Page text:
Bloomberg News

UN Releases Emergency Funds to Alleviate Hunger in Kenya

July 26, 2011

(Updates with comment by officials in third, fifth paragraphs.)

July 26 (Bloomberg) -- The United Nations released 1.25 billion shillings ($13.8 million) from its emergency fund to help millions of people in Kenya facing hunger amid the worst drought in decades, a UN official said.

Drought conditions are worsening in areas including Turkana near the Ethiopian border, and Wajir and Mandera, close to Somalia, Aeneas Chuma, the UN’s humanitarian coordinator in the country, told reporters today in the capital, Nairobi.

“The current situation is that drought conditions continue to deteriorate and worsen food security in northern and northeastern pastoral regions of Kenya,” Chuma said. “Up to 3.5 million people will need food assistance in the coming months.”

East Africa has suffered from two poor rainy seasons that caused one of the worst droughts since 1950-51, according to the UN’s Food and Agriculture Organization. The UN needs $1.6 billion in the next 12 months to provide aid to the region, it said on July 25. In May, Kenyan President Mwai Kibaki declared the drought a national disaster.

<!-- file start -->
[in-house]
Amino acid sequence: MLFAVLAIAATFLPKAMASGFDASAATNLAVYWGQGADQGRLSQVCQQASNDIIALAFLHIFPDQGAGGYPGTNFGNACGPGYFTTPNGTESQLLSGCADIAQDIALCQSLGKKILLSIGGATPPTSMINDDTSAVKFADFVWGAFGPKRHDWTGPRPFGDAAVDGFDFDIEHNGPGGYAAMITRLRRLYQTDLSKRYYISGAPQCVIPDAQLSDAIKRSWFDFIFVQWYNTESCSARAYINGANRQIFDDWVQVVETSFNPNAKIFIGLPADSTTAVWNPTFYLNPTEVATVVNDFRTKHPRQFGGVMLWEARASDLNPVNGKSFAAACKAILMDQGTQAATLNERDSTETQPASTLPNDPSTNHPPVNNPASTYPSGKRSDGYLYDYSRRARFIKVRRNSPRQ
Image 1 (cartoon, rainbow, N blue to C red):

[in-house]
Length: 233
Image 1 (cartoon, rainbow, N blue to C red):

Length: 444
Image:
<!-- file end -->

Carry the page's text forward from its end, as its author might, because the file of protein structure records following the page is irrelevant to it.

About 385,000 children are either “moderately or severely” malnourished, while another 90,000 pregnant or lactating mothers face malnutrition, Olivia Yambi, country representative for the UN Children’s Fund, told reporters. Migration by families searching for food is decreasing enrolment in some schools, while exposing children to the risk of child labor, abuse and prostitution, the UN said.

‘Serious Crisis’

“The crisis is very serious,” Yambi said. “It is eroding gains in child survival, potentially also eroding gains Kenya has made in the area of education.”

The mortality rate for children under five years of age in Kenya is 52 per 1,000 births, while the primary-school enrolment ratio is 94.6 percent for boys and 90.5 percent for girls, according to UN data. Life expectancy in the nation of 38.6 million people is 54 years.

Kenya’s government is working with agencies including the UN World Food Programme to respond to the crisis. The WFP also plans to establish a mobile unit to ensure health centers in the region are adequately stocked with drugs and medical equipment.

WFP has a funding shortfall of $110 million for its programs, the organization’s deputy director, Pippa Bradford, said at the news conference today.

--Editors: Philip Sanders, Louis Meixler

To contact the reporter on this story: Paul Richardson in Nairobi at pmrichardson@bloomberg.net.

To contact the editor responsible for this story: Alastair Reed at areed12@bloomberg.net.


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